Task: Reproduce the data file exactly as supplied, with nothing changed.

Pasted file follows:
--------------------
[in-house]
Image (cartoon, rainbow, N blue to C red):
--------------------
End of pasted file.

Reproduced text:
[in-house]
Image (cartoon, rainbow, N blue to C red):